Concurrent catheter CLABSI rates reviewed


Intravenous literature: Aslakson, R.A., Romig, M., Galvagno, S.M., Colantuoni, E., Cosgrove, S.E., Perl, T.M. and Pronovost, P.J. (2011) Effect of accounting for multiple concurrent catheters on central line-associated bloodstream infection rates: practical data supporting a theoretical concern. Infection Control & Hospital Epidemiology. 32(2), p.121-4.


Background – Central line-associated bloodstream infection (CLABSI) rates are gaining importance as they become publicly reported metrics and potential pay-for-performance indicators. However, the current conventional method by which they are calculated may be misleading and unfairly penalize high-acuity care settings, where patients often have multiple concurrent central venous catheters (CVCs).

Objective – We compared the conventional method of calculating CLABSI rates, in which the number of catheter-days is used (1 patient with n catheters for 1 day has 1 catheter-day), with a new method that accounts for multiple concurrent catheters (1 patient with n catheters for 1 day has n catheter-days), to determine whether the difference appreciably changes the estimated CLABSI rate.

Design – Cross-sectional survey.

Setting – Academic, tertiary care hospital.

Patients – Adult patients who were consecutively admitted from June 10 through July 9, 2009, to a cardiac-surgical intensive care unit and a surgical intensive and surgical intermediate care unit.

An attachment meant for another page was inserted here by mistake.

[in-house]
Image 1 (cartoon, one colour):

Results – Using the conventional method, we counted 485 catheter-days throughout the study period, with a daily mean of 18.6 catheter-days (95% confidence interval, 17.2-20.0 catheter-days) in the 2 intensive care units. In contrast, the new method identified 745 catheter-days, with a daily mean of 27.5 catheter-days (95% confidence interval, 25.6-30.3) in the 2 intensive care units. The difference was statistically significant ([Formula: see text]). The new method that accounted for multiple concurrent CVCs resulted in a 53.6% increase in the number of catheter-days; this increased denominator decreases the calculated CLABSI rate by 36%.

Conclusions – The undercounting of catheter-days for patients with multiple concurrent CVCs that occurs when the conventional method of calculating CLABSI rates is used inflates the CLABSI rate for care settings that have a high CVC burden and may not adjust for underlying medical illness. Additional research is needed to validate and generalize our findings.

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